1920s

Follow these links for blog entries about 1920s.

H. W. Arlin: Broadcasting Radio in the 1920s

KDKA announcer H. W. Arlin on the radio in 1921 Announcing radio programs might be called the world's most recent profession, because announcers for broadcasting stations were introduced first about four years ago when KDKA, the world's pioneer station of the Westinghouse Company at East Pittsburgh, Pa., was started. H. W. Arlin, the world's pioneer radio announcer, made his debut early in 1921 and has been continuously "on the air" since. Thus his long service entitles him to the honors ... (read more)

World's First Scheduled Radio Broadcast Came from Pittsburgh

Logo used by KDKA in the 1920s The National Broadcasting Company's Silver Jubilee celebration on November 15, 1951, brings to mind another, even earlier, November day when the world's first scheduled broadcast was heard over KDKA, Pittsburgh, pioneer radio station. Presentation of this inaugural broadcast on November 2, 1920, came about as the result of several strange and seemingly unrelated circumstances. It all began in 1915 with a Westinghouse engineer, Frank Conrad. Westinghouse had ... (read more)

WDAF Nighthawks and the Merry Old Chief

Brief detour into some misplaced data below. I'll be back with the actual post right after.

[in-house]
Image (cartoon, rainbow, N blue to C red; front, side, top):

"Station WDAF, the Kansas City Star Nighthawks, just doing a little hawking" is a phrase familiar to radio listeners all over the United States and other parts of the world. For when the Merry Old Chief starts to dispense his happiness and good cheer at 11:45 p.m., fans invariably dial for Kansas City. The Merry Old Chief is the most popular feature of the Nighthawks program. His original style of announcing, his ready wit, his million-dollar laugh and his unusual singing voice have ... (read more)

Mexican Police Band Performs Concert to Entire U.S. on Radio

The WJAZ broadcast control room in 1922 The Zenith-Edgewater Beach Hotel broadcasting station in Chicago on the evening of Sunday September 30 gave to its listening audience throughout the United States a rare treat which was fully appreciated, as evidenced by the thousands of letters pouring into the station. The official Mexican police band of 87 pieces, sent to this country by President Álvaro Obregón, appeared in full uniform and rendered a concert of continuous playing, lasting ... (read more)

The Earliest Radio Shows of the 1920s

The Goldbergs creator Gertrude Berg during its radio years By the middle 1920s, it became obvious that radio manufacturers could no longer support free radio time. Fortunately, advertisers were discovering that radio was one of the most effective means of advertising available. So, it didn't take long after that for radio to become big business. Its popularity continued to grow -- until the biggest programs were heard by more than 40 million people. And advertisers were paying up to ... (read more)